The Luck Penny




A.C. Hadden, 1893;

‘If an animal is sold on a Sunday the Wicklow people will not take a luck-penny*.’

*As part of a transaction, particularly when buying livestock, a “luck penny” was often returned to the purchaser as a sign of good will.




Saint Catherine’s Day

Ireland, 25 November – 


John Canon O’Hanlon (Lageniensis), 1870;

‘Married women and girls kept a fast  on St Catherine’s Day, November 25th, in order that they might get better husbands, after the death of their present ones; or at least, that they might procure an alternative in their living husband’s manners.’

Irish Folk Lore: Traditions and Customs from the Country 



Hair cuts on A Monday

Kerry –

Jan Lievens, 1607-74. Bust of an Old Man, Full Face (Chiaroscuro Woodcut, 1630-40)
Jan Levins 1607-74 ‘Bust of an Old Man (Full Face) 1630-40


D. Lynch, formerly National teacher at Philipstown in Louth, a native of Caherciveen,  1908;

‘A man whose hair is cut on a Monday will go bald. Hence a kind of comic imprecation used in Kerry: “Lomradh an tuain ort,” “the shearing of Monday on you.”’


Marriage on a Monday

Kerry –


 Mrs John Borland, Derrynane, 1920;

‘You must not be married on a Monday, because when St Patrick banished the reptiles from Ireland he said that they would return on a Monday, and what would be the use being married the day the snakes returned?’


Fridays – Irish Beliefs and Customs about the Sick & the Dead

Ireland –

Illustration – Harry Clarke, from Tales of Mystery and Imagination by Edgar Allan Poe, 1916

Lady Wilde, 1888;

‘A sick person must not be visited on a Friday, not by any person who has just quitted a wake and looked upon the dead.The hair and nails of a sick person must not be cut till after recovery.’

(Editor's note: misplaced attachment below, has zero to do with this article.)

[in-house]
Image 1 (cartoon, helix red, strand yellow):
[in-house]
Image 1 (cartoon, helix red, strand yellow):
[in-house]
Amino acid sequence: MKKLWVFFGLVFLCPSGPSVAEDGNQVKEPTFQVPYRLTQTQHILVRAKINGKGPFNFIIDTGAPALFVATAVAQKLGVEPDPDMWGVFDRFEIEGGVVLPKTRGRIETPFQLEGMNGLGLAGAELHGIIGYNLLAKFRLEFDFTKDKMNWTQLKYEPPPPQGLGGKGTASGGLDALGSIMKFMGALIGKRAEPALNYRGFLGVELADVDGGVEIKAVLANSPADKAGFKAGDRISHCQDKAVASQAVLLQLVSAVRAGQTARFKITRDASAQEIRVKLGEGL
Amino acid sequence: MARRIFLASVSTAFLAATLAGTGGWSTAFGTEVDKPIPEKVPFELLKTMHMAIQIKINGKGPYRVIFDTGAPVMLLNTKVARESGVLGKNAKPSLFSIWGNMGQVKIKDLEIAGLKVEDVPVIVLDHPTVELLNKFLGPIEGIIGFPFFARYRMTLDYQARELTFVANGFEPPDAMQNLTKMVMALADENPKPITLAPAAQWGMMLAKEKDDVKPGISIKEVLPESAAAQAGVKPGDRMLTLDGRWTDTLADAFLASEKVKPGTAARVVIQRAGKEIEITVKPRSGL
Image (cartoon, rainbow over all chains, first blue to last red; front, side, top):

Ancient Legends, Mystic Charms, and Superstitions of Ireland

Blessing & Blood for Saint Martin


Saint Martin’s Eve – 10 November.


DH Moutray Read;

‘In certain districts, especially in Connacht, north Munster and south Leinster, strange customs have been associated with the Feast of St. Martin on 11th November. On St. Martin’s Eve the blood of a farm animal or fowl was spilled and sprinkled in the corners of the house, on the door-posts and windows, and in the byre and stable. In some areas the blood was also used to make the mark of a cross on the forehead of each member of the household.’

Folklore, 1916.

The War of the Cats

Galway – On a night in November


Stephen O’Donnell, Connemara;

‘The village of Lisssavohalane* has a great name for such things (unnatural). And it’s certain that once, one night every year, in the month of November, all the cats of the whole country gather round together there and fight. My own two cats were nearly dead for days after it last year, and the neighbours told me the same of theirs.’

Lady Gregory Visions and Beliefs in the West of Ireland 1920

* I have been unable to discover a village of this name, perhaps it is an imaginative spelling.

All Souls’ Day & the Dead

Kildare, 2 November

William Gerald Barry (1864-1941), ‘An Old Woman and Children in a Cottage Interior’, circa 1910. (Crawford Art Gallery, Cork)

‘It is said that on this one day of the year the souls of the dead are allowed to re-visit their native districts; and if only the human eye had the power to see them, they would be observed about one on every side “as plenty as thranteens in an uncut meadow.”

At night time it is customary in every house to light a candle in memory of each member of a family who has died. They are placed in an unused room and allowed to burn till midnight, when, after praying for the souls of the dead, they are extinguished, as by that time the souls themselves have returned to rest.

At the last thing at night the hearth is swept clean, and on it are placed three cups of spring water.’

* That the souls of the dead can visit the living is often said of Hallowe’en, and  sometimes extends for a two day period from Hallowe’en to All Souls’ Day.

Journal of the Kildare Historical and Archaeological Society, 1906-8.